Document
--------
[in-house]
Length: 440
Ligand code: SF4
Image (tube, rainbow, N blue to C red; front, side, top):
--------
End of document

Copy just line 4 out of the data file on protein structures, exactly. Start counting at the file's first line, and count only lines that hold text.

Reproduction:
Image (tube, rainbow, N blue to C red; front, side, top):